Draft Strategy: How to attack the first 4 rounds of your draft

By Jonathan Robertson

(Photo Credit: Getty Images)

(Photo Credit: Getty Images)

Is it imperative to take a wide receiver in the first or 2nd round? Maybe. However, let’s look at the production in 2016 and compare our WRs with an ADP in the 3rd or 4th round as opposed to the 1st or 2nd.

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The difference between the APS in the 1st round and the 4th round was 66.32.

 

Now, let’s evaluate 1st round running backs to 4th round RBs excluding rookies and those who have no statistical data in 2016.

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*For the sake of statistics, we will extrapolate Ezekiel Elliot's data over 10 games to create a scenario relevant to his drafting position. His points for 10 games would equal 203.37.

*Fournette and McCaffrey were excluded from the 2nd round due to their lack of statistical data.

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The difference between the APS in the 1st round and the 4th for RBs was 119.54.

 

Now, let’s look at the comparison between the WRs and the RBs through the first four rounds.

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As you can see from the graph above, if you draft a WR in the first round, the average score is 17.12 points less than if you drafted a RB.

Now, let’s say you draft a WR in both the 1st and 2nd rounds and neglect to draft a RB in those rounds. You have netted +7.27 points as opposed to if you went RB/RB.

However, If that is the case, you are most likely now hoping to draft a RB in the 3rd round. On average, if you wait to draft a RB in the 3rd round, you are netting -6.99 points.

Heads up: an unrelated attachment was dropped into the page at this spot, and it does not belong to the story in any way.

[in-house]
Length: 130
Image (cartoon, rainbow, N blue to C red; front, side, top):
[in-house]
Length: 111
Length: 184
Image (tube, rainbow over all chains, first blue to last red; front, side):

This is an issue, but -6.99 points isn’t horrible. However, you only have 1 RB and need to grab another because as the curve shows value is dropping quickly.

If you draft a RB in the 4th round and your league opponents draft a WR, you are not just -6.99 points overall, you are now on average netting -43.09 points through the first four rounds.

Let’s look at the antithesis of this scenario. If you draft a RB in the first 2 rounds and a WR in the 3rd and 4th, you would net +9 points as opposed to drafting a WR in rounds 1 and 2 and RB in 3 and 4.

We can put all this information into a graph for better viewing and comparison:

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As you can see the most efficient way to draft is not RB/RB or WR/WR, in fact it is to draft in an alternating manner (RB/WR/RB/WR) through the first four rounds.

These numbers are based on averages, so this can obviously change depending on what spot you are drafting. However, it serves as an “umbrella policy” when drafting through the first four rounds.

One fact that stands is that when taking a WR in the first round, you are on average losing in overall points through the first four rounds.

Do yourself a favor and draft a RB in the first round.

*** This information can change if taking a TE in the 3rd or 4th.

Good luck drafting!